Your dentist may have warned you about gum disease. Gum disease is already scary because it can cause periodontitis, which is when your inflamed gums actually pull away from your teeth!

If that’s not scary enough, though, gum disease may also make diabetes even worse. Why? Because gaps between gums and teeth may become infected, and these infections make it more difficult for your body to absorb the insulin you’ll need to lower your blood sugar back down.

On top of that, a high blood sugar level can make those same mouth infections even worse. Until you treat the gum disease directly, your body will be caught in a dangerous and damaging cycle.


Have you ever thought about what causes pneumonia? You may hear advice about avoiding getting wet on a cold night, but the real threat is bacteria getting inside your lungs.

Unfortunately, poor oral hygiene can cause pneumonia. It’s easy to see why: air travels directly from your mouth into your lungs. And if your mouth is crawling with dangerous bacteria, every breath puts your lungs in danger!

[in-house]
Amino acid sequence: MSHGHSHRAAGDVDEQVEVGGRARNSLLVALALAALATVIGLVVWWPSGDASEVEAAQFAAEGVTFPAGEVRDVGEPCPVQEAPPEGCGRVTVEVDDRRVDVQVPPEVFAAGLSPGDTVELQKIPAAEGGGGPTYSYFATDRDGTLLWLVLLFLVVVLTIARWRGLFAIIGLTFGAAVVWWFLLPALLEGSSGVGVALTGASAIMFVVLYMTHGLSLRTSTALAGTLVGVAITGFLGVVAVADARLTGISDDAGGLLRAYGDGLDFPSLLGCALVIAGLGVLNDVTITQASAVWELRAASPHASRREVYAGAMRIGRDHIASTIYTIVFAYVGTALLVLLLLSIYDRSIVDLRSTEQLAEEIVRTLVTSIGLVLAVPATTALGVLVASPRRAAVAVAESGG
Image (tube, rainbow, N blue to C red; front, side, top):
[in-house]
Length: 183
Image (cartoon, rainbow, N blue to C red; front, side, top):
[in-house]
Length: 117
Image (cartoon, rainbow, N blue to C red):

Even if it doesn’t cause pneumonia, breathing that bacteria into your lungs can cause other respiratory problems. And the risk only goes up as you get older. In fact, pneumonia and other respiratory problems can be deadly to the elderly!


Earlier, we discussed how poor oral health can lead to poor heart health. In addition to a risk of heart attacks or strokes, bad oral health can also lead to endocarditis.

This refers to a condition where the inner lining of your heart valves and chambers gets infected. Such an infection can lead to blood clots, organ damage, abnormal heart rhythm, and more.

If you let gum disease go untreated for too long, it can lead to gingivitis which causes your mouth to bleed. And that makes it easy for infected blood to get into your bloodstream and cause endocarditis and other health problems.


It’s especially important to watch your oral health when you are pregnant. And that’s because oral health and prenatal health are very closely related.